Kahlil Gibran's The Prophet (2015)
Directors: Roger Allers, Gaëtan Brizzi, Paul Brizzi, Joan C. Gratz, Mohammed Saeed, Tomm Moore, Harib, Nina Paley, Bill Plympton, Joann Sfar, Michal Socha
Writers: Roger Allers, Kahlil Gibran, Irene Mecchi, Hanna Weg, Douglas Wood
Voice Cast: Salma Hayek, Liam Neeson, John Krasinski, Quvenzhané Wallis, Alfred Molina, Frank Langella, John Kassir, Assaf Cohen, Gunnar Sizemore, Terri Douglas, Leah Allers, Caden Armstrong
Synopsis: Exiled artist and poet Mustafa embarks on a journey home with his housekeeper and her daughter; together the trio must evade the authorities who fear that the truth in Mustafa's words will incite rebellion.
MPAA Rating: Rated PG for thematic elements including some violence and sensual images
8 / 10
- Animation was great. I loved how each poem had it's own style of animation that accompanied each of their perspective scenes. It helped give the movie it's own unique aesthetic identity.
- Cinematography throughout this film was amazing. Definitely shows off the beauty fo the animation in this feature.
- Direction was great
- Art direction was excellent.
- Voice acting was decent
- Nice messages about life, love, and the dangers of censorship.
- Liam Neeson's distinct voice makes it rather obvious he's playing Mustafa in this feature.
- Although the unique animation shorts that accompany each perspective poem does give the movie it's own identity, the only problem is that it also slows down the movie half the time; often forcing the main story to come to a complete stop to show those segments.
- Love subplot involving Kamila doesn't fit with the rest of the story, as it probably could've been left out.
Arguably one of the most interesting animated movies ever made.
Like last year's "Song of the Sea", this is probably going to be another animated movie that'll fly under a lot of people's radar. However, it's arguably one of the most creative and aesthetically unique animated features out there, so don't be surprised if "Kahlil Gibran's "The Prophet" gets nominated for an Oscar next year for "Best Animated Feature." Based on Kahlil Gibran's book of the same name.
The story follows a young girl named Almitra (Quvenzhané Wallis), who hasn't spoken a word since her father died ages ago. Like most children, she can be a bit mischievous for her age. Often wandering around on her own, while getting in all sorts of trouble. Since she doesn't talk to people anymore, she often tries to mimic the sounds of birds to speak. Her mother, Kamila (Salma Hayek ), struggles daily to support them financially, as she's recently been hired as a housekeeper for a poet, who's under house arrest in the middle east. The infamous poet goes by the name of Mustafa (Liam Neeson).
Through a series of elaborate events, Almitra manages to skip school to follow her mother to work one day; in spite of her wishes. And upon arriving at the house, Almitra and Mustafa immediately become friends. It's from here, he starts to tell her all these poems about life that are both inspirational and insightful.
Mustafa has been under house arrest for twelve years, as he waits for the government to set him free. His crime? His poems about love, work, and life were so inspirational to the people that the government considered them treasonous, and feared that his words could ignite a civil war. And considering he was becoming such a beloved figure within the city, the government felt that they had to censor him by locking him up.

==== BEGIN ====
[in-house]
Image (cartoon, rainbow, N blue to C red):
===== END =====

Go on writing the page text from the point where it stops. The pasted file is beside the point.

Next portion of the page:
Even after they agree to send him back to his homeland, he's still bullied by the government to censor his work, as his actions could hold dire consequences if he doesn't cooperate with them. As he's escorted to the docks to head home, he meets various towns folk, who greet him with open arms. Each one asking for words of inspiration, as he recites a series of poems that relate to each of their perspective situations. As he tells these poems, the animation breaks off into different segments. Each poem features it's own animation style that makes it stand out from the rest of the story.
Throughout most of the film, the animators use a CGI cel-shading based style of animation similar to what we saw in "Chico & Rita." But when it goes into each of the poems, the animation changes every time. One poem is told with a water painting style animation. Another seems to have a colored charcoal style to it; along with several other poems that feature their own unique style of animation to them. This not only gives the movie it's own identity, but it arguably makes it one of the most aesthetically unique animated features out there.
However, the different poems do tend to distract from the main story arc, as it often feels like the movie has to make a complete stop each time it goes over each of them. Not to mention the love subplot involving Kamila's character feels a bit out of place, as it doesn't seem to add anything necessary to the overall story arc.
As for the voice acting of the film, I thought everyone played their parts rather well. Although it's fairly obvious that Mustafa is being voiced by Liam Neeson throughout this feature. As many of my readers know, I rarely ever criticize voice actors in animated movies, but it's hard not to see Mustafa as Liam Neeson because of his distinct voice. Granted, he does give the character a strong presence throughout the film, but it's worth pointing out that you can clearly tell it's Liam's voice. However, if you can manage to overlook that, then you should be fine watching this movie.
But apart from those minor issues, I have to say that Kahlil Gibran's "The Prophet" is arguably the most artistically different animated feature that I've ever seen, as the animation alone definitely makes it worth checking out.